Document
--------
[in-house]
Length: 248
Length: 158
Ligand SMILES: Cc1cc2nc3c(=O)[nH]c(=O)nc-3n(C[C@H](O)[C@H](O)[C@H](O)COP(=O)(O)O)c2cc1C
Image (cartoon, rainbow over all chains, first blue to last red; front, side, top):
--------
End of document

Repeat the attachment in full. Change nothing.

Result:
[in-house]
Length: 248
Length: 158
Ligand SMILES: Cc1cc2nc3c(=O)[nH]c(=O)nc-3n(C[C@H](O)[C@H](O)[C@H](O)COP(=O)(O)O)c2cc1C
Image (cartoon, rainbow over all chains, first blue to last red; front, side, top):